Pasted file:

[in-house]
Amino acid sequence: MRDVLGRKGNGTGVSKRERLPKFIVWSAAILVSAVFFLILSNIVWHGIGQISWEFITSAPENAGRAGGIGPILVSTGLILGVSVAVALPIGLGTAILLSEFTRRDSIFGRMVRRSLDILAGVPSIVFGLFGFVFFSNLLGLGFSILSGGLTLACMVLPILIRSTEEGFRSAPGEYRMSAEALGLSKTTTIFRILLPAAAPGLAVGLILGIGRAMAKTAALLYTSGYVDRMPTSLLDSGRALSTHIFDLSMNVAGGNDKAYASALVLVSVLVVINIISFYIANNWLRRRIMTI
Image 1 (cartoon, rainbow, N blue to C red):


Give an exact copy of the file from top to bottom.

[in-house]
Amino acid sequence: MRDVLGRKGNGTGVSKRERLPKFIVWSAAILVSAVFFLILSNIVWHGIGQISWEFITSAPENAGRAGGIGPILVSTGLILGVSVAVALPIGLGTAILLSEFTRRDSIFGRMVRRSLDILAGVPSIVFGLFGFVFFSNLLGLGFSILSGGLTLACMVLPILIRSTEEGFRSAPGEYRMSAEALGLSKTTTIFRILLPAAAPGLAVGLILGIGRAMAKTAALLYTSGYVDRMPTSLLDSGRALSTHIFDLSMNVAGGNDKAYASALVLVSVLVVINIISFYIANNWLRRRIMTI
Image 1 (cartoon, rainbow, N blue to C red):